The recent cyber attack on the U.S. military's classified computer network has been traced to a front company run by several former Russian KGB or Federal Security Service spies, FOX News has learned.
The attack led the Pentagon to ban the use of external hardware devices, such as flash drives, because that's how the "worm" got into the classified military network.
FOX News has learned the intrusion was discovered by the U.S. military in Afghanistan -- and that the attack came through the local Internet service provider that the Afghans (under U.S. supervision) contracted out to a front company run by former Russian spies.
"There was a preceding effort in denial of service ... by let us say sympathizers to the Russian side of the dispute. That was a prelude and an adjunct to the military attack where Russian troops entered Georgia," Chertoff said. "I think this is a harbinger of what's to come, the use of cyber attacks -- preparing the battlefield, so to speak."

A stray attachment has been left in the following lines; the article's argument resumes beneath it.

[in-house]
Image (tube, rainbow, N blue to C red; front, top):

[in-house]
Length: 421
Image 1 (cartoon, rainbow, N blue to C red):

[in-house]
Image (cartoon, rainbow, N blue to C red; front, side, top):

Russia's Federal Security Service (FSB) has denied any involvement in the recent cyber attack, and some Pentagon officials worry the former Russian spies might actually have been working for some other entity.
Chertoff added the U.S. needs a doctrine to decide when a cyber attack is an act of war -- a view echoed by Deputy Defense Secretary Gordon England.
"We have seen it on a small scale already," England said. "This larger future threat will necessarily require the (Department of Defense) to change its thinking and planning. Much like the first use of gunpowder changed the nature of warfare centuries ago."